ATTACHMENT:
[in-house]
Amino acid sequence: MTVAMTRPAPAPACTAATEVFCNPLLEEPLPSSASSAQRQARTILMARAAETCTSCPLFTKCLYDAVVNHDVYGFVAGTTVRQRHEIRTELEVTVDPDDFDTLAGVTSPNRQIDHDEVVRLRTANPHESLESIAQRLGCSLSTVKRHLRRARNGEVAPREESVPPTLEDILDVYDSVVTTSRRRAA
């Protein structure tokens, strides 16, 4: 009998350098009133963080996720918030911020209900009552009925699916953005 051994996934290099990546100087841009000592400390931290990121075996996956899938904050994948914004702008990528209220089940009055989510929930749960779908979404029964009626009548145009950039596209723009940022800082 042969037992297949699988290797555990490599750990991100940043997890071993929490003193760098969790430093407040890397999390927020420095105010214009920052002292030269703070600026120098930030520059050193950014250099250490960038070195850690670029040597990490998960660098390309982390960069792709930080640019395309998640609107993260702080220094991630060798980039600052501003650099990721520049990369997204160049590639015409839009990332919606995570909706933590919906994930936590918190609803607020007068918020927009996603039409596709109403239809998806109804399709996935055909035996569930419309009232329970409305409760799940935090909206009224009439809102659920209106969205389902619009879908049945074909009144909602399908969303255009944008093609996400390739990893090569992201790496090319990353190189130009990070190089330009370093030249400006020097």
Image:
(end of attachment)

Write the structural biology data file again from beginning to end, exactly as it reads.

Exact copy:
[in-house]
Amino acid sequence: MTVAMTRPAPAPACTAATEVFCNPLLEEPLPSSASSAQRQARTILMARAAETCTSCPLFTKCLYDAVVNHDVYGFVAGTTVRQRHEIRTELEVTVDPDDFDTLAGVTSPNRQIDHDEVVRLRTANPHESLESIAQRLGCSLSTVKRHLRRARNGEVAPREESVPPTLEDILDVYDSVVTTSRRRAA
């Protein structure tokens, strides 16, 4: 009998350098009133963080996720918030911020209900009552009925699916953005 051994996934290099990546100087841009000592400390931290990121075996996956899938904050994948914004702008990528209220089940009055989510929930749960779908979404029964009626009548145009950039596209723009940022800082 042969037992297949699988290797555990490599750990991100940043997890071993929490003193760098969790430093407040890397999390927020420095105010214009920052002292030269703070600026120098930030520059050193950014250099250490960038070195850690670029040597990490998960660098390309982390960069792709930080640019395309998640609107993260702080220094991630060798980039600052501003650099990721520049990369997204160049590639015409839009990332919606995570909706933590919906994930936590918190609803607020007068918020927009996603039409596709109403239809998806109804399709996935055909035996569930419309009232329970409305409760799940935090909206009224009439809102659920209106969205389902619009879908049945074909009144909602399908969303255009944008093609996400390739990893090569992201790496090319990353190189130009990070190089330009370093030249400006020097």
Image: